I know it’s really hard to design intelligent enemies (in the sense that they are adaptable and switch between being proactive and reactive at times tactically), but I also would’ve appreciated if the NPC party’s MO were detailed further. Like, we get one trick of theirs, which is nice, but… more options would’ve been appreciated.

  2. Yora says:

    Is AS&SH the one that always uses betwixt instead of between?

  3. Confanity says:

    “There are two tables, once mundane and one more fantastic. If you roll a six on the mundane table you instead roll on the fantastic table. (Which means, BTW, that the Rust Monsters in encounter six will never show up. I’m sure that wasn’t intended.)”

    Could you clarify how to parse this? Are you saying that the mundane table has two entries, both a rust monster encounter and a note to “roll on the fantastic-encounters table”? Are you saying that rolling a 6 on the fantastic table has two entries, both a rust monster encounter and a note to go back to the mundane table? Are you saying that under AS&SH rules, once you’ve rolled a number then all further occurrences of that number are ignored, so re-rolling on the fantastic table forces you to ignore results of 6 because the initial roll on the mundane table produced a 6? Is it something built into the structure of a specific encounter (“encounter six”), *outside* of the wandering monster table?

    The idea of “For result X, reroll twice / reroll with a different die / roll on table Y instead” is pretty common. Why would this rule force you to ignore an entry on a table Y? I have no idea how that would work.

    • Ynas Midgard says:

      Yeah, that part Bryce misunderstood. The module says the following:

      “For every four hours the PCs spend on the Heath, the referre should roll 1d6; a random encounter will occur on either a 1 or a 6. If the d6 roll is 1, the referee should roll 1d10 on table 6; if the d6 roll is 6, the referee should roll 1d10 on table 7.”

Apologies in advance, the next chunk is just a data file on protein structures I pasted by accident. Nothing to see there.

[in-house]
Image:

4. Gus L says:

    I don’t know I like that kind of description. When my players enter a storage room in an ancient tomb they’re gonna ask what’s in there, and while I get the goal of saying “The important interactive object/puzzle” dungeon dressing makes things evocative and makes the game exploration based.

    As a GM using a product knowing that when the players ask about room contents I don’t need to make them up on the fly and I can say “wicker baskets filled with dried fruit and grain, some teak chests, stacks of ancient furniture, some brightly dyed cloth and a huge number of sealed jars” is quite nice. Of course the description isn’t especially useful, as most of the descriptors are dull and commonplace. “river reed baskets in black and red filled with dried plums and narcotic blue mango” is far better.

    Also treasure that crumbles to dust when removed from the tomb is just so Hyperboria.

  5. Burton Grettir says:

    Hey idiot,

    why haven’t you reviewed the adventure The Beholder Contracts I sent you ?

  6. Handy Haversack says:

    One strength of this one is its campaign modularity. You can evoke the comet in your campaign and start dropping hints about this at any point and have some fun as your players take you up on it or ignore it. The NPC party is likely to be one of many the follow the same hook, so the PCs could hear about other groups that have gone missing or mad or claim to have survived or whathaveyou. This thing can sit around in your campaign for years before you deal with it.

    Also, from the same author (and which I thought had been included in the adventure): a celestial phenomenon table that would go very well with the coming of the comet: http://hyperborea.boardhost.com/viewtopic.php?id=88